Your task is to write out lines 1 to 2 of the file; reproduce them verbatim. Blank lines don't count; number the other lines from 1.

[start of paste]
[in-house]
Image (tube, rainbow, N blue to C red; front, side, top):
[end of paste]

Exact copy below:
[in-house]
Image (tube, rainbow, N blue to C red; front, side, top):